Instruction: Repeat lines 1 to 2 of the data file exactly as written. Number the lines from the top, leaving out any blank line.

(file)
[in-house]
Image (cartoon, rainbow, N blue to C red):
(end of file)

[in-house]
Image (cartoon, rainbow, N blue to C red):